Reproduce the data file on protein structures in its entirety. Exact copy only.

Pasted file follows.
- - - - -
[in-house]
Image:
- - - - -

[in-house]
Image: